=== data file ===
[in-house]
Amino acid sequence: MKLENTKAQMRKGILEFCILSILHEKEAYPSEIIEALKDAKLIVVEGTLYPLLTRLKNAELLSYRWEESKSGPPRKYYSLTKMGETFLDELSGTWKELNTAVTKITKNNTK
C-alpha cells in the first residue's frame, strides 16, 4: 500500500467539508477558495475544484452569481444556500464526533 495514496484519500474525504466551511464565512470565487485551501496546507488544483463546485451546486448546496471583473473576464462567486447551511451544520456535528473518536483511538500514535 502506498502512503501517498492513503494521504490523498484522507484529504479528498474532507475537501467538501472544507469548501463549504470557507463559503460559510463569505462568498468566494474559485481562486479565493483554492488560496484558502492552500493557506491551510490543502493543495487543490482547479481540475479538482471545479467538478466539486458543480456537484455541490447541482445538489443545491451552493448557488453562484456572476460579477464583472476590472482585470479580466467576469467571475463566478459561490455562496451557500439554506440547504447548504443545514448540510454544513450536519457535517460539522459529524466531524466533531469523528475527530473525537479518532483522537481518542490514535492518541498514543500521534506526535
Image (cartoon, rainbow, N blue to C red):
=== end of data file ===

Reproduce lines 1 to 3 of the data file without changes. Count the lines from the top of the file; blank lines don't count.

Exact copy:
[in-house]
Amino acid sequence: MKLENTKAQMRKGILEFCILSILHEKEAYPSEIIEALKDAKLIVVEGTLYPLLTRLKNAELLSYRWEESKSGPPRKYYSLTKMGETFLDELSGTWKELNTAVTKITKNNTK
C-alpha cells in the first residue's frame, strides 16, 4: 500500500467539508477558495475544484452569481444556500464526533 495514496484519500474525504466551511464565512470565487485551501496546507488544483463546485451546486448546496471583473473576464462567486447551511451544520456535528473518536483511538500514535 502506498502512503501517498492513503494521504490523498484522507484529504479528498474532507475537501467538501472544507469548501463549504470557507463559503460559510463569505462568498468566494474559485481562486479565493483554492488560496484558502492552500493557506491551510490543502493543495487543490482547479481540475479538482471545479467538478466539486458543480456537484455541490447541482445538489443545491451552493448557488453562484456572476460579477464583472476590472482585470479580466467576469467571475463566478459561490455562496451557500439554506440547504447548504443545514448540510454544513450536519457535517460539522459529524466531524466533531469523528475527530473525537479518532483522537481518542490514535492518541498514543500521534506526535